Granulocyte-macrophage colony-stimulating factor (GM-CSF) is a hematopoietic growth factor that stimulates the proliferation, maturation, and functional activity of myeloid cells in peripheral blood and bone marrow. Expression of GM-CSF is tightly regulated and is limited to cells stimulated directly (T cells, macrophages) or indirectly (fibroblasts, endothelial cells) by immune challenge. Several studies of the transcriptional control of GM-CSF expression have elucidated a region of the GM-CSF promoter that mediates positive regulatory activity in a number of cell types. This region contains a direct repeat of the sequence CATT(A)/T that extends from nucleotides -37 to -48 upstream of the start of mRNA synthesis. Although specific DNA:protein interactions have been shown within this region, neither the nature nor the number of nuclear factors responsible for these interactions have been characterized. In this study, we use DNase I footprinting analysis to demonstrate that point mutations, which inactivate the GM-CSF promoter, disrupt DNA:protein interactions within this region. By combined electrophoretic mobility shift and ultraviolet cross-linking analysis, we have detected several protein species that bind specifically to the positive regulatory sequence.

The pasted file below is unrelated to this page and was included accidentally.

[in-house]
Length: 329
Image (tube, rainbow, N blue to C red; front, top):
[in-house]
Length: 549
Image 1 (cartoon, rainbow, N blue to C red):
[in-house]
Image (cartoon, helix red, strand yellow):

|Original language||English (US)|
|Number of pages||8|
|State||Published - Oct 15 1994|
ASJC Scopus subject areas
- Cell Biology